DBT was developed by Dr Marsha Linehan at the University of Washington to help people who struggled with Borderline Personality Disorder (BPD), often known as Emotionally Unstable Personality Disorder (EUPD). This is often characterised by impulsive behaviour, self-harm, difficulty in interpersonal relationships and intense emotional fluctuations.
Initially recognised as the gold standard in treating those with BPD/EUPD, DBT has now proven to be more effective than traditional therapy in treating a range of issues that have difficulty in regulating emotions at their core.
DBT is a specialist Cognitive Behavioural Treatment and skillset designed for people who experience difficulties in managing or regulating their emotions, who may have found unhealthy ways of coping such as alcohol or drugs, self-harm or attempted suicide.
DBT uniquely helps us change behaviours whilst accepting that ongoing difficulties will arise.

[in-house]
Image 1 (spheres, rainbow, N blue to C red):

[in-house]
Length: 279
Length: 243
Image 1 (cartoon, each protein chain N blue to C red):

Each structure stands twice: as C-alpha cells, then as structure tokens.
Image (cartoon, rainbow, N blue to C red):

The focus is on helping you to learn effective coping strategies:
- To deal with life on life’s terms
- To deal with distressing situations
- To regulate emotions
- To improve interpersonal relationships, and
- To be more present in your everyday life.
It is a mode of therapy that can be useful for those experiencing loss or emotional distress as well as those having difficulty with anger, isolation, relationship conflict, chaotic relationships, mood swings, or impulsive behaviours.
DBT emphasises creating a life you want to live.
Extensive research has shown that DBT skills can be applied successfully in treating conditions such as eating disorders, working with trauma self harm and addictions. The premise of DBT is that it is interactive. The therapist will do 50% of the work and the client undertakes to match this with 50% work and effort.
Throughout the therapy you are supported and encouraged to apply DBT concepts and skills to your own life.
You will be provided with worksheets, resources and short videos to be downloaded (or viewed online) and to aid your learning.
What does “dialectic” mean in DBT?
The dialectic in DBT refers to two seemingly opposite things being true at the same time.
For example, if you accept yourself and believe you are doing the best you can, you can also believe that you need to make changes.